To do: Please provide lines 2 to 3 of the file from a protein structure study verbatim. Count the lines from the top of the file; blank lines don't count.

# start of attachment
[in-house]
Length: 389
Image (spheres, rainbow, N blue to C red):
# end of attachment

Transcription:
Length: 389
Image (spheres, rainbow, N blue to C red):